On the Distant “Horizon”
OK, give this show a chance. The problem with “Log Horizon” is that it starts out EXACTLY like “Sword Art Online”, in that you have these people with this Virtual Reality, totally immersive headgear, playing a game (in this case “Elder Tale”) and 30,000 are online when the newest upgrade patch is put in and now are trapped in the game. They refer to the incident as The Apocalypse and they are stuck, with at least no immediate way out.
After this blatant establishing shot, the show decides to take a differing approach to things. One of the ‘benefits’ explored (if you could call it that), is that when you die in the game, you are reborn, so you aren’t completely erased from existence (although even that creates problems). It’s just that you are in this game with absolutely nothing to do: quests are bland and there is a huge amount of Player-Killers, bored to tears as there is no goal and rather than sit on my GCI butt all day, I might as well make things hard for others.
Kai Shirogane (glasses in the middle), called Shiroe, had a reputation among other players, most notable the “villain with glasses”. He was a stunning tactician for the Tea Party Brigade (a non-guild guild where people just had themselves a ripping good time). With his friend Naotsugu Hasegawa, (hulking dude sitting down), Atasuki (far right ninja and assassin) and Nyanta (cat), they decided to do something with the game that the original approach would not allow: transform this into a living, breathing society. This turns out to be far harder but, ultimately, more rewarding, than merely searching for treasure.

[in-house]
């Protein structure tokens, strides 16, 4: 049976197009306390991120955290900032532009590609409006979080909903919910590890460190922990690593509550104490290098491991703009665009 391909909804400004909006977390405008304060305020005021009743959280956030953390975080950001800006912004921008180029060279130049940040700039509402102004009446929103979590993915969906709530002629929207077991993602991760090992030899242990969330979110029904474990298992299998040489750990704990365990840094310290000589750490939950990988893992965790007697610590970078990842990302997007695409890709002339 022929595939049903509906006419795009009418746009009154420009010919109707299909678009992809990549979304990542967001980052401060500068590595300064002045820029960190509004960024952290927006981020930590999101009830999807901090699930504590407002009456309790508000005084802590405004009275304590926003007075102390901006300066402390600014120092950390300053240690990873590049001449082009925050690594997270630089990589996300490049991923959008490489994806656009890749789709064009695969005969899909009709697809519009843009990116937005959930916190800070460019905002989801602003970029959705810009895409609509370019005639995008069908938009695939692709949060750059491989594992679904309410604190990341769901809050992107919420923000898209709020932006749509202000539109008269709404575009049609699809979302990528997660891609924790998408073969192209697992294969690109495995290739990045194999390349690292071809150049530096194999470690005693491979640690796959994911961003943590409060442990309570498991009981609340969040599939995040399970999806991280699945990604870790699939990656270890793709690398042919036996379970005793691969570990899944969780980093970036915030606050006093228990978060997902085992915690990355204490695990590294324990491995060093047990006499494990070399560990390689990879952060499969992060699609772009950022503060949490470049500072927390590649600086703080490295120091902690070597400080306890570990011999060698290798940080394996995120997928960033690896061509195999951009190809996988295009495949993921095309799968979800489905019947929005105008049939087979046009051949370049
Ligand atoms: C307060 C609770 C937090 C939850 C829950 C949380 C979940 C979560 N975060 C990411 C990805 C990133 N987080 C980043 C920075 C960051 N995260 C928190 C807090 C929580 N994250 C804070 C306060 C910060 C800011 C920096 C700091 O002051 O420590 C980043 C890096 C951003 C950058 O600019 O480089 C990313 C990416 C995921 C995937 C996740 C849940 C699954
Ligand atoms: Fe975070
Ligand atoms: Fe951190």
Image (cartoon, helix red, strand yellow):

They also discover the expansion pack has changed the dynamic of the game and previous non-playing people (called the People of the Land) now interact with everyone. This causes a degree of problems, as they are still computer programs and subject to hacking.
Shiroe forms Log Horizon, the name of his guild, and proceeds to make things better, with the help of his friends. They defeat the Goblin hordes, make treaties with the surrounding kingdoms and best an internal attack from someone bent on their destruction.
One you get past the SAO portion of it, this becomes a very intriguing show. What if you could really make your own society? The only question I have is what happens when they are freed from this ‘prison’? What happens to this world that they have made? Shiroe is a really well-defined character, as we see him go through his machinations in getting what is best for all. Yes, he could have been a dictator, but he used his abilities to help all, so, despite what you think of him, he really is a decent guy.
He is uncomfortable in romantic situation, and shies away from them like a vampire and garlic bread, but the ladies all adore him, especially his ninja aide. There are some goofy moments, to balance off the fight sequences, which are staged well and kept at a minimum. The Goblin King Arc was done quite well and did not drag on endlessly.
If you like the sword epics or just want to see a good show, I recommend this series highly.
On a scale of 1 to 10:
Artwork 8 (Does a good job with it)
Plot 8 (Even with its opening)
Pacing 8 (Solid)
Effectiveness 8 (Work very well)
Conclusion 7 (It reaches a ‘coupler’, but doesn’t really end)
Fan Service 4 (A similar show would be “Gurren Lagaan”)
Overall 8 (Really held my interest)
And remember, it’s first run until you’ve seen it. Always think 20 seconds ahead.